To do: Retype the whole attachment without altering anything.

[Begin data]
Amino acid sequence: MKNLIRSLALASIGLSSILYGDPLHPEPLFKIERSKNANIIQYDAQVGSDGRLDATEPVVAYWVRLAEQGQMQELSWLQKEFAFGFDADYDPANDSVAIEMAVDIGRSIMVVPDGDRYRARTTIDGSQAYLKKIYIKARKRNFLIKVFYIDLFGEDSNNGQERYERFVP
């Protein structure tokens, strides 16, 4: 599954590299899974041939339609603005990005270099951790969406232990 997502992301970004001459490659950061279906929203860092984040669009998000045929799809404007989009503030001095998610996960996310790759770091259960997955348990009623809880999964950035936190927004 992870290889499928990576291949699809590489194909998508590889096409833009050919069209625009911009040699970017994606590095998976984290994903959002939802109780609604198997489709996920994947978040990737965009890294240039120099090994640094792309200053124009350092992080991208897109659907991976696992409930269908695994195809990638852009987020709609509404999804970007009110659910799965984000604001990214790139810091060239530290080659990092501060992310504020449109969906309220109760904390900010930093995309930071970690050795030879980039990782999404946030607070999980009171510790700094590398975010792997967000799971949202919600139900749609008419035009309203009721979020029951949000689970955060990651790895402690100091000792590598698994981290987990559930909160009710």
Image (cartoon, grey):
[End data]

Amino acid sequence: MKNLIRSLALASIGLSSILYGDPLHPEPLFKIERSKNANIIQYDAQVGSDGRLDATEPVVAYWVRLAEQGQMQELSWLQKEFAFGFDADYDPANDSVAIEMAVDIGRSIMVVPDGDRYRARTTIDGSQAYLKKIYIKARKRNFLIKVFYIDLFGEDSNNGQERYERFVP
């Protein structure tokens, strides 16, 4: 599954590299899974041939339609603005990005270099951790969406232990 997502992301970004001459490659950061279906929203860092984040669009998000045929799809404007989009503030001095998610996960996310790759770091259960997955348990009623809880999964950035936190927004 992870290889499928990576291949699809590489194909998508590889096409833009050919069209625009911009040699970017994606590095998976984290994903959002939802109780609604198997489709996920994947978040990737965009890294240039120099090994640094792309200053124009350092992080991208897109659907991976696992409930269908695994195809990638852009987020709609509404999804970007009110659910799965984000604001990214790139810091060239530290080659990092501060992310504020449109969906309220109760904390900010930093995309930071970690050795030879980039990782999404946030607070999980009171510790700094590398975010792997967000799971949202919600139900749609008419035009309203009721979020029951949000689970955060990651790895402690100091000792590598698994981290987990559930909160009710």
Image (cartoon, grey):